Forest Vegetation types - WC3

WC3 — Jack pine – Black spruce / Rhodora / Sphagnum

Pinus banksiana – Picea mariana / Rhododendron canadense / Sphagnum spp.

     WC3a — Black spruce variant
     Picea mariana

Thomson Station, Cumberland County

Thomson Station, Cumberland County

Concept: The Jack pine – Black spruce / Rhodora / Sphagnum is the wettest jack pine forest in Nova Scotia. Most occurrences are on poorly to very poorly drained soil, derived from acidic glacial till or, less commonly, organic deposits. The overstory  is dominated by jack pine, or co-dominated by jack pine and black spruce; the latter condition described by WC3a, the black spruce variant.

Vegetation: Canopy layers are dominated by jack pine (or co-dominated by jack pine and black spruce). Tamarack and/or balsam fir are infrequent associates. Limiting site conditions and the prevalence of inherently small crowned conifers reduces canopy closure and promotes shrub abundance. Rhodora is present and usually dominant in most stands, with admixtures of lambkill and/or Labrador tea. Huckleberry is less common but abundant in some occurrences. Jack pine regeneration is low or absent from the understory. Herbaceous cover is reduced, largely comprised of scattered teaberry, mayflower and other common upland forest species. Bracken fern, mayflower, hair-cap moss and wavy dicranum are more frequent than in any other wet coniferous forest in Nova Scotia. Sphagnum moss, particularly ladies' tresses, and small patches of upland species are typical in the well-developed bryophyte layer.

Environmental Setting: The Jack pine - Black spruce / Rhodora / Sphagnum forest usually occurs on poorly drained mineral soil, but may be found on peat deposits. Mineral soils are acidic loams with reduced rooting potential. Some stands are on imperfectly drained sites but most are poorly or very poorly drained; organic soils are found on the wettest sites. This low elevation ecosystem is usually on moderately exposed flats but may be found in lower topographic positions of gentle slopes or in shallow depressions with very little microtopography. Sloped occurrences are usually found on cooler aspects. This uncommon forest is largely limited to northern and central parts of the mainland and parts of Cape Breton. WC3 extends into lowlands of eastern New Brunswick, where it is relatively common, and onto Prince Edward Island where it is extremely rare.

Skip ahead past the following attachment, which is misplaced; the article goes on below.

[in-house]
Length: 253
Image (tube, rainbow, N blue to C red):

Successional Dynamics: This early to mid-successional forest usually originates with fire, promoting jack pine regeneration. Extreme weather events can dry litter, surface soil horizons, and the somewhat flammable ericaceous plant layer to allow these normally wet stands to burn. Such conditions are uncommon however and many stands form through seed-in from adjacent uplands. The Jack pine – Black spruce / Rhodora / Sphagnum forest will succeed to WC2 (Black spruce / Lambkill – Labrador tea / Sphagnum).

Ecological Features: An open canopy of narrow-crowned conifers characterizes this very uncommon small patch ecosystem. The woody understory is dense with ericaceous shrubs and black spruce. Productivity is low, few rare plant species are expected, and old growth potential is low. This wet forest is often a transition between open wetlands and upland coniferous forest, providing important hydrologic and biogeochemical functions. Reduced productivity and the presence of allelopathic plants (those that produce biochemicals that affect nearby plants) like lambkill can negatively influence black spruce regeneration and growth, resulting in lower canopy cover. Occurrences may provide locally if not provincially important habitat for various invertebrates, birds, amphibians, small mammals, reptiles and lichens. By virtue of its rarity, restricted Canadian range and fire dependency, this ecosystem may present unique conservation challenges.

WC3 Characteristic Plants



Distinguishing Features:
Jack pine is diagnostic of this poorly drained softwood forest. The woody shrub layer is well developed with rhodora, lambkill and Labrador tea. Sphagnum mosses dominate the groundcover.

Site Characteristics

Slope Position: Level7 Lower2 Upper1

Surface Stoniness:

(Non - Slightly)10

Bedrock Outcrop: 

(Non-rocky)9 (Slightly - Moderately)1

Elevation Range: 

12 - 110m

Slope Gradient: 

Level7 Gentle3


East1 South3Other6


Moderate8 Mod. exposed2


Level9  Slightly1


Poor6  Very poor2 Imperfect2


Soil Characteristics

Soil Type: 

ST46 ST62 ST72

Parent Material:

Glacial till9 Glaciofluvial1

Rooting Depth (cm):

(<30)9 (30-45)1

Duff Thickness (cm):

(6-10)1 (11-20)8 (21-40)1

WC3 Map